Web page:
In an ongoing legal saga, Cortes Island regional director Noba Anderson is suing the Strathcona Regional District to cover legal costs and to strike down disciplinary measures against her by the district’s board in connection to a lawsuit last year.

Anderson accrued legal fees in her role as a director after a small group of Cortes constituents launched an unfounded legal petition to disqualify her role on the board alleging a conflict of interest in January 2019.

The 14 individuals behind the petition eventually conceded there was no conflict of interest in a joint submission with the defence, accepted by B.C. Supreme Court Justice Ronald Skolrood on June 10 that same year.

The group claimed Anderson took money from her constituents for personal gain and a number of those same constituents received gifts and grants in return.

The group had alleged some donors who contributed to a GoFundMe campaign for Anderson’s father after his cabin burned down in 2018 were board members of community organizations that then got grants from the SRD.

The funds raised in the campaign initiated by Anderson’s neighbour were used to build an addition to the director’s home to house her father.

In his decision, Justice Skolrood dismissed the petition declaring there was no basis for it, that Anderson was qualified to hold office and had not accepted any gift in violation of the community charter, and the petitioners would pay $4,850 in costs.

The Strathcona Regional District is being sued by a regional director alleging the board (above) was wrong and unreasonable for refusing to pay her legal costs and censuring her in connection to an unfounded legal case against her in 2019. File photo

However, before the legal case against Anderson was resolved, the SRD board decided not to pay the Cortes director’s legal fees.

And in October after the case against Anderson had been dismissed, the SRD board censured Anderson stating she’d violated a code of conduct bylaw and released confidential materials from an in-camera meeting, or closed meeting.

Board directors concluded Anderson had released two in-camera legal opinions and an investigation report, the SRD public statement said.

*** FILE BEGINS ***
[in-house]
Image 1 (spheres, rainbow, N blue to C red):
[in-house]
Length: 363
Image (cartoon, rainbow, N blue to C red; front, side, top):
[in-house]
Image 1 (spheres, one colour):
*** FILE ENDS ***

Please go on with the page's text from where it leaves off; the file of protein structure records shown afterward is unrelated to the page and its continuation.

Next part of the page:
As a result, Anderson was excluded from appointment to any board committees or any public hearings other than ones concerning matters in her own area. She was also denied any appointments to any external organization on behalf of the SRD.

The board did not say what the documents concerned, who Anderson had released them to, or when.

Anderson said she provided her lawyer with documents and the internal investigation report into the allegations against her from an in-camera meeting held Feb. 28, her lawsuit claims.

Anderson disclosed the materials on a confidential basis to get legal advice because the documents affected her personally, the suit claims.

Following the February 2019 meeting, Anderson alleges the SRD board excluded her from a number of in-camera meetings concerning her, but has failed to provide her or her lawyer with any documents or materials, the lawsuit states.

In May 2019, Anderson claims the SRD board refused her request to have her legal costs covered in the conflict-of-interest lawsuit, but she was not told why.

Anderson is claiming the SRD board was wrong and unreasonable to not assist with her legal fees and in censuring her.

The lawsuit also states the SRD board has no authority to withhold in-camera board materials from the director, who is also seeking legal costs for both the current SRD lawsuit and the historical case.

Anderson also wants a court order to quash the SRD decision to censure her, and is asking that the SRD provide any in-camera documentation around her censure, sanctions and the board’s decision not to cover her legal costs.

As well, Anderson wants all future information concerning her during closed board meetings to be released to her in advance.

When contacted for comment, the Cortes director said she couldn't discuss the case while it was before the court.

However, the regional director posted a short letter of explanation for the decision to proceed with the lawsuit on a Cortes Island community webpage.

“I have done this because I believe that my legal rights have been infringed upon and by extension my ability to perform my elected duties and give my constituents the service they deserve,” Anderson wrote.

None of the allegations in Anderson’s petition have been proven in court, and as of Wednesday, no statements of defence by SRD had been filed.

The SRD did not respond to a request for comment by the National Observer before its publishing deadline.

Rochelle Baker/Local Journalism Initiative/Canada's National Observer